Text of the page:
In Flamingo, after an unconventional interview regarding a subject’s relationship to porn, a student and her subject begin a tumultuous relationship as the roles are reversed and love breaks through. As Caroline and Andrew’s relationship builds, we see just how different the two are and the true value of love for the individuals. When Andrew leaves Caroline behind for opportunity, we see just how much the other meant. Despite the typical romantic plotline, Trow’s script is fresh, quick, and intentionally smart. Her characters are incredibly smart, allowing for intellectual exchanges and great debates. For the majority of the play, we see Caroline as lovelorn. When Andrew departs, Caroline stops at nothing to stay in contact. But by the end, Trow decides to turn the standard reunion on its head allowing Caroline to think with her mind and not her heart. One of the more questionable choices Trow makes is the title of the play. For the majority of the play, there is a long wait for when exactly the flamingo metaphor will appear. When it finally appears, while it’s meaning is important to Caroline, it comes so late you wonder if it could have been sprinkled in somewhere sooner.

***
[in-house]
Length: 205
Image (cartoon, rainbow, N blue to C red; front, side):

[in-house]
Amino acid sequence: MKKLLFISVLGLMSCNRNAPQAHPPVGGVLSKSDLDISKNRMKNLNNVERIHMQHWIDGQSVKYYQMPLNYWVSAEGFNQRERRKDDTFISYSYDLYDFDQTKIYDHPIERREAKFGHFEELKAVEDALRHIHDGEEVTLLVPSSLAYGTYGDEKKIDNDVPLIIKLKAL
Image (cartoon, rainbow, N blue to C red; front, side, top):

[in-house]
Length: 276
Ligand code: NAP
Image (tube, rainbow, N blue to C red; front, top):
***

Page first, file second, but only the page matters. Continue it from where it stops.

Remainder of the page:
|photo courtesy of Charlie Winter|
Jillian Robertson’s smooth and complete direction was sensational, serving the production to its benefit. Robertson dove head first into Trow’s world, discovering how to make the script unique. The highly functional set by Justin and Christopher Swader served its purpose well. The inclusion of the Venetian blinds allowed for some stunning lighting moments from Charlie Winter. However Winter had some trouble lighting the actors providing many a shadow and lack of light. Emily Auciello's sound design evoked the proper spirit during transitions.
Flamingo is not your average love story. Overall, Flamingo is a strong production. Trow’s voice as a writer is quite captivating, greatly aided by Robertson’s solid direction.